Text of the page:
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Standard Schnauzers were originally bred to be ratter, watchdogs and general purpose dogs on German farms. Their versatility, medium size, protective nature and love of family make them an excellent companion dog breed, although they can be somewhat territorial and stubborn, dogs of this breed also have great intelligence and energy. If you are an experienced dog parent looking for a guardian and best friend to go on adventures with you, this may be the breed for you! AniMall24 recommends a dog bed to give your medium-sized Standard Schnauzer a good night’s sleep. You should also buy a dog toy to help burn off your pup’s high energy.
Standard Schnauzers are intelligent, but can be stubborn. Crate training is recommended. Standard Schnauzers are protective of their homes and families. Although they generally do not bark without good reason, they will bark if they feel something threatens their homes and families. Standard Schnauzers are very intelligent and get bored with repetitive tasks. They love varied activities and exercise. Be sure to give your Standard Schnauzer both or he may become destructive and moody.Because of their intelligence and self-confidence, Standard Schnauzers will capitalize on any weaknesses in their people and may begin to “rule the roost”. Be consistent with your Standard Schnauzer, and make sure he knows that you are the alpha dog in your household.When training, do not use harsh methods, which could make your Standard Schnauzer resentful.Schnauzers can be wary of strangers, including guests, until they know they are accepted by the family. Standard Schnauzers have a great deal of energy and require adequate exercise each day to prevent them from using that energy destructively.Because one of their many jobs has been to catch rats, Standard Schnauzers should not be trusted with small, furry family pets, such as hamsters, guinea pigs and gerbils. However, most Standard Schnauzers seem to tolerate sharing their homes with cats, especially if they have been introduced to them at a young age.Standard Schnauzers are curious and fearless, a dangerous combination if you allow your dog to run off-leash in unfenced areas.Never buy a Standard Schnauzer from a puppy mill, pet shop or breeder that does not provide health certificates or guarantees. Look for a reputable breeder who tests their breeding dogs to make sure they are free of genetic diseases that can be passed on to puppies and who breeds for sound temperaments.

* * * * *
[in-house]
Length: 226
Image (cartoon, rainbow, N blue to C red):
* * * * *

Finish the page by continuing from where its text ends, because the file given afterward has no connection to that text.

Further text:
The Standard Schnauzer has a long history in its homeland of Germany. Based on paintings by Renaissance artists Rembrandt and Albrecht Durer, as well as a tapestry created in 1501 by Lucas Cranach the Elder, it is clear that dogs of this type have been around for several centuries. sheep, get rid of vermin and protect their owners while traveling to market. German breeders became interested in standardizing this breed in the mid-19th century. At that time, the Gray Wolfspitz and Black German Poodles were crossed to produce the breed’s distinctive hair color and texture. Around the same time, Standard Schnauzers were interbred with other breeds to develop first the Miniature Schnauzer and then the Giant Schnauzer. In their early years and into the late 19th century, Standard Schnauzers were called Wirehaired Pinschers. They were first exhibited at the Third German International Salon in Hannover in 1879, and the first prize winner was a dog named Schnauzer. A breed standard was drawn up in 1880 and the first specialty show was held in Stuttgart in 1890 with an entry of 93 dogs. By 1900, the breed became known as the Schnauzer, which was thought to be both a reference to the breed’s unique muzzle (because the German word is schnauze), which sports a beard and mustache, and to the name of the first winner in the ring. . The Bavarian Schnauzer Klub was formed in Munich in 1907 and during World War I, dogs were used to carry dispatches and assist Red Cross workers. They were also used in Germany for police work. Records indicate that some Standard Schnauzers were brought to the US in the early 1900s by families who immigrated here and by world travelers who fell in love with the breed in Germany. However, the breed was not imported in large numbers until after the First World War. The Schnauzer Club of America was formed in 1925. In 1933, the club split to form the Standard Schnauzer Club of America (SSCA) and the American Miniature Schnauzer. Club The breed was originally classified as a terrier in the US, which is how the Miniature Schnauzer is still organized. But the Germans always considered the Schnauzer as a working dog. So in 1945, the AKC reclassified the Standard Schnauzer and placed it on the task force. Today, the Standard Schnauzer is ranked 99th out of the 155 breeds and varieties recognized by the AKC.
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